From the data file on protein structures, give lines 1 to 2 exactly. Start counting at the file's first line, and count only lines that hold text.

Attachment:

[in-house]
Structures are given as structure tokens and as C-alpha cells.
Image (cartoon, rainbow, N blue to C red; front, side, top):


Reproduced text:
[in-house]
Structures are given as structure tokens and as C-alpha cells.